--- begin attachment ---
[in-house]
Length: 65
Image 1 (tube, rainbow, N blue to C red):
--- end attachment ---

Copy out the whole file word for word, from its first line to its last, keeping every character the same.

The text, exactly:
[in-house]
Length: 65
Image 1 (tube, rainbow, N blue to C red):